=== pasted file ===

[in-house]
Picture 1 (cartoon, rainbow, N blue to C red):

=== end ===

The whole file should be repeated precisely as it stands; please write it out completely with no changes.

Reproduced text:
[in-house]
Picture 1 (cartoon, rainbow, N blue to C red):